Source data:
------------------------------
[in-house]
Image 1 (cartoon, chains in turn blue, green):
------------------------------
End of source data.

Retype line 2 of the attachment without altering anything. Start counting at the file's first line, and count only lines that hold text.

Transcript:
Image 1 (cartoon, chains in turn blue, green):